'The best books, reviewed with insight and charm, but without compromise.'
- author Jackie French

Monday 14 February 2011

Review: John Fastramp and the Dakota 3000 Challenge

I'm eight years-old, in front of the TV cross-legged watching my Saturday morning cartoons, cereal precariously balanced on my lap... okay... so no I'm not, but that's exactly how I felt when I was reading this book!

Remember that feeling?

John Fastramp is a brilliant race car driver with an even more brilliant car, the Blue Spider. It is a sleek, low racer that gives the impression that it's moving even as the car is standing still. Only a handful of people know of the wonderful inventions that fill the Blue Spider, like lasers, special tyres and protective armour! Put it this way, Inspector Gadget would be mighty impressed!

John receives a telegram inviting him to drive in the Dakota 3000 Challenge, an offer extended to only the top racing car drivers of the world, but it seems something sinister is going on. Someone does not want him at the race. He receives a threatening letter and the brake lines to the Blue Spider are cut... but do you think that stops him?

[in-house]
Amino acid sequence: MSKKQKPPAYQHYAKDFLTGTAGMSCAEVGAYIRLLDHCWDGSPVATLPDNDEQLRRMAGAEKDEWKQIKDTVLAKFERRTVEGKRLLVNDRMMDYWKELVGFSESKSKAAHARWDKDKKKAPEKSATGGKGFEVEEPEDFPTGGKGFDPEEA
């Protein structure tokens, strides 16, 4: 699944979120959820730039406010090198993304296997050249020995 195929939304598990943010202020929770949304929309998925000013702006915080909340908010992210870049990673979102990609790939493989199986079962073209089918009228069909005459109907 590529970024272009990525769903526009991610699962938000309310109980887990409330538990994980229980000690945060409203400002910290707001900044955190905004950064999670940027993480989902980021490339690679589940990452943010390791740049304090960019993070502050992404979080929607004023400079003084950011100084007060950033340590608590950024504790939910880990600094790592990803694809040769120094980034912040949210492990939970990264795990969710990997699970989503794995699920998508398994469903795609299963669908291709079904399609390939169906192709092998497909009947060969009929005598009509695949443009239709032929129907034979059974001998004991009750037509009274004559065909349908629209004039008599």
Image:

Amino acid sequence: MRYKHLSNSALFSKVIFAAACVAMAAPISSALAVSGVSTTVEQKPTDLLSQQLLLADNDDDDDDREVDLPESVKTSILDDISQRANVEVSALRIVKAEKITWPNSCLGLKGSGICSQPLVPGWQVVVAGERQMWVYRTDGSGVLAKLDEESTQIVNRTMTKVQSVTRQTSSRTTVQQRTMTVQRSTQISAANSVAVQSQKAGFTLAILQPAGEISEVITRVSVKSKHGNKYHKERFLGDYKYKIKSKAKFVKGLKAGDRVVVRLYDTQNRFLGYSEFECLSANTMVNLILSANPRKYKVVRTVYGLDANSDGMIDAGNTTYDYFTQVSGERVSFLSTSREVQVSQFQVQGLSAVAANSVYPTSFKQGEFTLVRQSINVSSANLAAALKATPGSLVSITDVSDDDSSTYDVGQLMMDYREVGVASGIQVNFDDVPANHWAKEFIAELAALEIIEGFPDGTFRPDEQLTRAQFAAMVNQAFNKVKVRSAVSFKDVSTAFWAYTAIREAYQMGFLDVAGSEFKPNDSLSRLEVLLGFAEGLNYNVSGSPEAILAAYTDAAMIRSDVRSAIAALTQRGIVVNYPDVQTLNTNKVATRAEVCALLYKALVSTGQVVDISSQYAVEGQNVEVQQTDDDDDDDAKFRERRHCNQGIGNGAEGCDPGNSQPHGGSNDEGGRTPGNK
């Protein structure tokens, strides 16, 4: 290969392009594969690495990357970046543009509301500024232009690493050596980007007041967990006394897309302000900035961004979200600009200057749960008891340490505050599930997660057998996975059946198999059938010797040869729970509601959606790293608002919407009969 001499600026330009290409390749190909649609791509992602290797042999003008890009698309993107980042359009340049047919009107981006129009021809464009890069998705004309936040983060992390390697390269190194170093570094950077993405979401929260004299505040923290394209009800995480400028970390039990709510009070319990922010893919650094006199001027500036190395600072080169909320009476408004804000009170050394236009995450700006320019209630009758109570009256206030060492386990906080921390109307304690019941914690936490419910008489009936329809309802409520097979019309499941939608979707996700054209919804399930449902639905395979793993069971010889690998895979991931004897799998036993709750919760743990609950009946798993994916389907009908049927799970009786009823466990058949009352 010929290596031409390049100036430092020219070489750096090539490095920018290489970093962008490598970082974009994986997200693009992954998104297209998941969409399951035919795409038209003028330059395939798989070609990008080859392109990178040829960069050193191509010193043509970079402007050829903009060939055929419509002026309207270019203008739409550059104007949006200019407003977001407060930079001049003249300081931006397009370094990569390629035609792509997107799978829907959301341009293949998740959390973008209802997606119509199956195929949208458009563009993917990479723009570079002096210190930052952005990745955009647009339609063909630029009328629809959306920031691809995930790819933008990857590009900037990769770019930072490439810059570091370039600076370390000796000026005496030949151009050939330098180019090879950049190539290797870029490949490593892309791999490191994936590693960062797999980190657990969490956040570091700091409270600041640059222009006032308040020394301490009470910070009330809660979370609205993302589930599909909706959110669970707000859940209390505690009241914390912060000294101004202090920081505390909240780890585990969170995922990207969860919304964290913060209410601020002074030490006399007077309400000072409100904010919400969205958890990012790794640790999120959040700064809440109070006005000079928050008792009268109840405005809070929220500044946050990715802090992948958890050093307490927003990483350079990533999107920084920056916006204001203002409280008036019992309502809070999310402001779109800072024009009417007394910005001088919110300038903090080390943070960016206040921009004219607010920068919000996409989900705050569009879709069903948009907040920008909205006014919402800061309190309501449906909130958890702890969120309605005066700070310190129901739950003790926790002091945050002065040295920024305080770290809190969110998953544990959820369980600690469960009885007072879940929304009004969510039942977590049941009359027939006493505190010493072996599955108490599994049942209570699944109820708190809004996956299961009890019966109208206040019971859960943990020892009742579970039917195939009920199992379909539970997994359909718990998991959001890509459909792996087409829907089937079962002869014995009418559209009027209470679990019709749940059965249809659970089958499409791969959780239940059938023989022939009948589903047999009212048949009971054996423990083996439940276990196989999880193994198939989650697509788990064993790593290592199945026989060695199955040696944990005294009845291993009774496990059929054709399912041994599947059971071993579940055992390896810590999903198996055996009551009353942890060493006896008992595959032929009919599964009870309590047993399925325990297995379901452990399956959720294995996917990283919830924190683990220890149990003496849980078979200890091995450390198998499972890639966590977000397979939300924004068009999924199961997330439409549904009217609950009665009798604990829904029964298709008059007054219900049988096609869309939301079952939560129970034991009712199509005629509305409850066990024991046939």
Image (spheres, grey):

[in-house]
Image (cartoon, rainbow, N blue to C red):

The race itself is out of this world! John and his friends are up against forces they never expected! A flying saucer, a huge bright silver scorpion with massive pincer claws and leafless trees that can uproot themselves and run faster than man! Are they up to the challenge?

This book would be great to read at night to your child or as an early reader. The short chapters and bold clean text are perfect to help build confidence in reading. It's the Wacky Races meets James Bond meets Inspector Gadget. A pacy, exciting read.

Look out for the next book in the series, John Fastramp and the Mystery of the Ghost Speedway early this year... and have your cereal ready!

Title: John Fastramp and the Dakota 3000 Challenge
Author: Jason Alter
Publisher: Self-published through BookSurge, US$10.99 
Publication Date: 11 June 2007
Format: Paperback
ISBN: 9781419665639
For ages: 8 - 12
Type: Junior Fiction